Journal Issue: Children and Welfare Reform Volume 12 Number 1 Winter/Spring 2002
Although policymakers and private benefactors have long argued that public agencies can effectively strengthen the child care infrastructure and regulate quality, progress has been slow. Meanwhile, affluent families have built and enriched their own child care infrastructure, privately financing expansion and quality, often through hefty fees. Ensuring that children in welfare and working poor families have equal access to high-quality care is a crucial challenge facing society and all levels of government.
Important empirical lessons are emerging about the extent to which welfare reforms have or have not widened child care options for low-income parents making new decisions about who cares for their children. But much remains to be learned in two crucial areas. First, little is known about the relative benefits of maternal versus the different types of nonmaternal care for low-income children of different ages. It is unclear whether the increasing use of nonmaternal care by welfare families helps or hinders early development because information is just now beginning to emerge about the quality of children's home settings versus the quality of care in settings outside the home. More focused analyses should explore the comparative quality of different types of care and the underlying reasons parents select particular arrangements for their children. Second, too little is known about the effects on both families and providers of alternative policies regarding eligibility for child care aid, out-of-pocket costs, reimbursement rates, the links between subsidies and centers, and the effects of neighborhood supply on subsidy take-up rates.
Successful policies need to be identified, both to support stronger gains in mothers' employability and to promote children's development. To begin, the following policy adjustments could help ensure that welfare and working poor parents are truly able to choose from a range of quality child care options in their neighborhoods:
- Welfare and working poor parents need clear, comprehensive information about their child care options to gain purchasing power through the use of child care vouchers and bolster growth of quality choices.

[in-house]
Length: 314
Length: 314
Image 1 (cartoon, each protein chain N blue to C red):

- CCDF funding should be increased and states should expand the capacity of center-based programs and licensed family child care homes so that welfare and working poor families have a full array of stable, affordable options.
- In support of federal, state, and local efforts to bolster subsidy use and ensure that parents' and children's needs are being met, better information should be gathered on the types of child care low-income parents prefer, the stability and quality of the care they select, and the ways parents are paying for the arrangements.
A huge amount of political capital has been invested in the proposition that single mothers should work to build a better future for themselves and their children. But maternal employment alone cannot benefit children unless it leads to improvements in children's daily environments. It is not enough for welfare reform simply to cause no harm. Welfare-to-work programs must focus on policies that help promote children's development by widening access to high-quality child care and after-school options. Children need opportunities for brighter futures if welfare programs are to achieve the ultimate goal of breaking the intergenerational cycle of poverty. Delivering on the promise of affordable, high-quality child care would be an important step toward realizing this goal.